Last time we talked about the two victims in a robbery in Proverbs 1:11-19. First, there is the one who is robbed. Then there is the robber, as we see in v. 17-19.
There’s something about sin that makes it appealing. Now of course, it depends on the particular sin and how attracted you are to it. It’s the attraction that makes us blind to the fact that we’re walking into a trap. Only after we’re turned upside down and snared in the net that just jacked us up do we realize we are in trouble.
Here’s one that is typical of our day. It’s one that is found in the plot lines of your favorite films and novels. Or maybe it has been closer to home than your TV screen.
What is it?
The office romance.
It all starts innocently enough. You hang out with someone of the opposite sex, maybe for lunch. Perhaps you find yourself going to the water cooler when that special person just happens to be there. Little by little you find yourself enjoying the other’s company. Before you know it, you’re emotionally committed.
Then it blossoms away from work.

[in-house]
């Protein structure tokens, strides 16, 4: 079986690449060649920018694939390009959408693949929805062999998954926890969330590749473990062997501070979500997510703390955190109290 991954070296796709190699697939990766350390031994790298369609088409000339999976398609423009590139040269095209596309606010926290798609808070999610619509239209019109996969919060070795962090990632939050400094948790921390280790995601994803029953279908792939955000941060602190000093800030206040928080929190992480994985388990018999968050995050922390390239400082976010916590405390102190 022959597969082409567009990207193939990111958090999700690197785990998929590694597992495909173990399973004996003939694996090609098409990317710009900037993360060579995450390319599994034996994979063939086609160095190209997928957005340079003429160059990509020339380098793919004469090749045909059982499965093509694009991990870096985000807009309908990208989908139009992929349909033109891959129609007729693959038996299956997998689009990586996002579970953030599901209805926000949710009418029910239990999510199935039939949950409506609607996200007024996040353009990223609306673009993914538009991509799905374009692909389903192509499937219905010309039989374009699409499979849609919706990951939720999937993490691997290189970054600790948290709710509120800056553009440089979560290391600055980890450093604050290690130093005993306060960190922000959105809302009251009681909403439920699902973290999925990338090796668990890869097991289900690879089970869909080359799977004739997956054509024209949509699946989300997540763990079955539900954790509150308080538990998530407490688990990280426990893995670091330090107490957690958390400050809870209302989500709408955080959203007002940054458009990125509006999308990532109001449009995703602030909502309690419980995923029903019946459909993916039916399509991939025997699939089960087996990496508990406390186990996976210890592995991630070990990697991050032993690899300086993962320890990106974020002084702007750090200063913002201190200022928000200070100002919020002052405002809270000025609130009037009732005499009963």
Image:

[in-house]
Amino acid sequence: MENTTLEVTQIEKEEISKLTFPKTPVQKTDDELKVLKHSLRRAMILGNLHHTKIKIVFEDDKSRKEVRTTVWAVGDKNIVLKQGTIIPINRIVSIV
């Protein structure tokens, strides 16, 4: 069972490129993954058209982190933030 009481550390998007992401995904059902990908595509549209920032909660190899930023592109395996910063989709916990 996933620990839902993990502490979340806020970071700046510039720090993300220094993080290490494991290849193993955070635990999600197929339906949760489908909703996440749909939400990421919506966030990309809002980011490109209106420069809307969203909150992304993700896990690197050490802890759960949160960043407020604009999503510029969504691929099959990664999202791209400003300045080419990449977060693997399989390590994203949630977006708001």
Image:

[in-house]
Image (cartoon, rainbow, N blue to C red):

Now, if you’re not married, be careful that you don’t end up in bed before you pledge your everlasting love. If you’re married (to someone else), this is nothing but trouble that will unravel your life in ways you never imagined. You can’t have this and have a family too. You can’t live a double life and expect to keep it hidden, especially as you get more deeply involved.
That’s how sin grows. It starts with an idea. Then you take a chance. If you succeed, you push the bar further and further until either guilt stops you or embarrassing exposure does.
If a bird can see a net spread before him, then why can’t we?
For you to see a trap clearly, you have to see sin for what it is. If you rationalize to yourself that it won’t hurt you, it’s like spreading a net, covering it with leaves and brush, and then forgetting about it.
A little maturity can go a long way in saving you from setting traps for yourself.
The Proverbs are great at keeping your feet unsnared as you walk through life. Stay with me, and we’ll clear the nets together.